Kind of, anyway. The Echo Key doesn't actually resurrect the deceased. It merely creates an "echo" of their consciousness. That's good if you want to have a conversation, but not if you want to do much else. Besides, there are a few obvious pitfalls to using the Echo Key. For one, people are complicated. The conversation that you've been longing for may not go how you expect, and it might not give you the closure you need.

The other risk? You might accidentally bring back the malevolent demon that possessed your boyfriend instead, giving rise to a malevolent force that threatens to shroud your hometown (and, eventually, the whole world) in darkness. Still, though, humans have been trying to find a way to communicate with the dead for millennia. With the Echo Key, they finally can.

The Anywhere Key

Like us, you're probably over air travel. You'd probably love a way to avoid your daily commute. Well, friends, let us introduce the Anywhere Key. The Anywhere Key, the very first key that Bode discovers in Netflix's Locke & Key adaptation, will let you travel through any door you can find to any location you can picture in your mind's eye.

You don't even need to have been to the place in question in person. A simple photo or a postcard will get the job done. The Anywhere Key isn't just convenient, though. On Locke & Key, Dodge causes all sorts of trouble with the ability to be anywhere she wants, whenever she wants. There doesn't seem to be an easy way to stop the Anywhere Key's owner from invading your personal spaces, either. If the keyholder wants to go somewhere, there's pretty much nothing standing in their way.

The Anywhere Key could probably revolutionize the shipping and transit industries, but while it's in Dodge's hands, it'll only be used for mischief. Oh well. Hopefully Bode can get the key back eventually. With his mom gone, Rufus is probably getting pretty lonely.

The Music Box Key

The Music Box Key can make anyone, anywhere, do whatever you want. As long as you're the person who used the key to open the music box, your target will obey your every command, whether they want to or not.

It's mind control pure and simple, and we probably don't have to tell you have powerful that is — or how dangerous. On Locke & Key, the Music Box Key's spotlight scene takes place when Kinsey and Gabe use it to play a prank on Matheson Academy's resident mean girl, Eden, and even then the teens go too far. Just imagine what could happen if the music box got anywhere near a high-powered executive, a member of Congress, or the president.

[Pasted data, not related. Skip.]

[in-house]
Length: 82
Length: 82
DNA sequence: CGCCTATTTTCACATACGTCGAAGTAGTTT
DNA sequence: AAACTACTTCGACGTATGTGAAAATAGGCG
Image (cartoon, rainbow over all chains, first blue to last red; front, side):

The Music Box Key is almost too powerful, which is why it's a good thing that the Locke siblings seem set on keeping it out of the wrong hands. If a good kid like Kinsey can't help but abuse the Music Box Key, villains like Dodge should definitely be kept far, far away.

The Identity Key

Making other people do what you want is one thing, but what if you could be someone else, no strings attached? That's what the Identity Key does. With the Identity Key, you can change the way that you look entirely. You can make yourself look like someone you know, someone famous, or someone brand new.

The Identity Key is one of the most powerful weapons in Dodge's arsenal, and she uses it liberally. When she wants to manipulate Ellie, she transforms into Lucas, Ellie's high school boyfriend. When she wants to seduce Tyler or charm Bode, she turns into a beautiful woman. In order to get into Kinsey's good graces, she becomes Gabe and slowly worms her way into the Savinis and Kinsey's heart.

You can even use the Identity Key on other people, like Dodge does when she makes Ellie into a Dodge clone, and frame them for crimes they didn't commit. As Locke & Key shows, the Identity Key is almost too powerful. When it's around, be very, very careful.

The Shadow Key

Forget giving yourself powers. The Shadow Key gives you a whole damn army. Simply unlock the Crown of Shadows using the Shadow Key, then put the ornament on your head, and you'll have a troop of shadowy warriors who'll fight at your beck and call.

There are limits to the shadows' power, of course. Most importantly, your spectral warriors will only be able to attack at night. See, the Crown of Shadows' charges are susceptible to light, meaning a flashlight, a flame, or a toy lightsaber will render them powerless. When using the Shadow Key to attack Keyhouse, Dodge had to cut the power first. Otherwise, the Lockes would've been able to stay safe simply by hiding in a brightly lit room.

Still, though, once those shadowy monsters on the loose, they're just as tough and vicious as you'd expect them to be. Even when they know what's up, the Locke kids have a hard time fighting the shadows off. Catch someone unawares, and the Shadow Key will make you and your army near unstoppable.

The Head Key

There's a reason why the Head Key features so heavily in Locke & Key's promotional materials. Quite simply, it's one of the most interesting keys in the entire series, not to mention one of the most powerful. The Head Key literally unlocks your or someone else's mind, letting you walk inside. Once there, you can do almost anything.

Want to browse through a collection of memories? You can. Eager to uncover someone's most tightly-kept secrets? Go right ahead. But the Head Key does more than pave the way for some psychological tourism. With it, you can also put things inside someone's head, or take things out. Tyler uses the head key to bone up on British trivia by dumping a book in his head. Kinsey decides to deal with her lingering trauma by taking her fear out of her head, making her impulsive and reckless.

Basically, with the Head Key and a little bit of imagination, you can rewrite someone's entire personality. Combined with its other powers, that makes the Head Key Locke & Key's most interesting artifact — and if the comics are any indication, we've only just begun to see what it's capable of.

The Omega Key

It's all there in the name: the Omega Key is, quite literally, the key to the end of the world. It's the only key in Keyhouse that unlocks the Black Door. On one side of the door are the drowning caves, which exist in our dimension. On the other is a parallel universe inhabited by demons, all of whom are dying to pass through the door and wreak havoc.

Dodge, Locke & Key's main villain, is from the other side of the Black Door, and look at all the damage that she did on her own. Now imagine an entire world's worth of creatures exactly like her, roaming Earth and causing trouble. Not a pretty sight, is it? Well, the only thing standing between us and them is the Omega Key. If Dodge gets her hands on it, it's all over.

The Omega Key's apocalyptic powers make it by far the most powerful key in the Locke & Key universe. Keeping it safe is a big responsibility. Let's hope that Tyler, Kinsey, and Bode are up to the task.